PowerShell How-To

How To Display GUI Message Boxes in PowerShell

Create custom prompt boxes in minutes with a little PowerShell and .NET knowledge.

A lot of people think that PowerShell is simply a command line language. They believe that the only thing PowerShell can do is output text to a boring console screen. Au contraire, my friend! Since PowerShell is built on top of the .NET framework, it has the power to use just about anything that your traditional VB.NET or C# developer can do. That includes building graphical user interfaces (GUIs) for your scripts!

A couple of different ways exist to transform your scripts into GUI form. If you need to create real GUI tools to interact with the user in PowerShell you're probably going to choose either Windows Forms (WinForms) or Windows Presentation Foundation (WPF).However, there are times when you don't need to go to the extent of building fully-featured GUI tools. For example, you wouldn't want to figure out how to make forms and place controls on your forms when you only want to display a message to your user for general information or to get some kind of simple input. In this case, there's another simpler method that only requires a single line of code; [System.Windows.MessageBox].

The MessageBox class in the System.Windows namespace has a multitude of options that allow you to simply show the user some text with an OK button all the way to asking for input and giving them options like Yes/No/Cancel. Let's dive into how we can make this handy class work for us.

First of all, this namespace does not exist by default in PowerShell. To use it, you'll need to add the assembly into your PowerShell session. You'll do this by adding the PresentationFramework assembly by using the Add-Type cmdlet.

Add-Type -AssemblyNamePresentationFramework

Once this is done, we can now use the MessageBox class.

The MessageBox class has one primary method called Show. It is this method that you can pass some different parameters to it to make it behave differently. For example, in its simplest form, you can use the Show() method to display a simple message.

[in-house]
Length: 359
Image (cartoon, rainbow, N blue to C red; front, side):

[System.Windows.MessageBox]::Show('Hello')
Figure 1.

You'll notice when the message box comes up, it will halt your console input until it's closed. When you click OK, the console will then show you what the Show() method returned, which, in this case, is simple 'OK.'

[Click on image for larger view.] Figure 2.

But the Show() method can do so much more. The Show() method has many different constructors you can use to customize things like the message box title, the type of buttons displayed and so on. Let's go over one more example. This time, we'll add a title, an icon and instead of just the OK button, we'll add Yes/No/Cancel buttons to get different kinds of input from the user.

To do this, I'll add a few parameters to the Show() method.

[System.Windows.MessageBox]::Show('Would  you like to play a game?','Game input','YesNoCancel','Error')
Figure 3.

You can see that as long as I place the message, the message box title, the button set and the type of icon to be displayed in the right parameter order I can show different kinds of message boxes. Then, depending on the button that I press, it will return a particular output that you can then use to make a decision on the future flow of your script.

Here I've created three message boxes and clicked on each of the buttons. Notice that either a Yes, No or Cancel string is always returned.

[Click on image for larger view.] Figure 4.

This can then lead to a script that might look something like this:

$msgBoxInput =  [System.Windows.MessageBox]::Show('Would you like to play a game?','Game  input','YesNoCancel','Error')
switch ($msgBoxInput) {
'Yes' {
## Do something
}
'No' {
## Do something
}
'Cancel' {
## Do something
}
}

You've now seen how to use the MessageBox .NET class with PowerShell. It's now up to you to implement this feature into your scripts to create a graphical and interactive way of sending information to and getting input from the script user.

About the Author

Adam Bertram is an independent consultant, technical writer, trainer and presenter. Adam specializes in consulting and evangelizing all things IT automation mainly focused around Windows PowerShell. Adam is a Microsoft Windows PowerShell MVP, 2015 powershell.org PowerShell hero and has numerous Microsoft IT pro certifications. He is a writer, trainer and presenter and authors IT pro course content for Pluralsight. He is also a regular contributor to numerous print and online publications and presents at various user groups and conferences. You can find Adam at adamtheautomator.com or on Twitter at @adbertram.

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